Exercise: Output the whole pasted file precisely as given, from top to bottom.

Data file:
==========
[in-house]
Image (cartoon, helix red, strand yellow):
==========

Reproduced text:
[in-house]
Image (cartoon, helix red, strand yellow):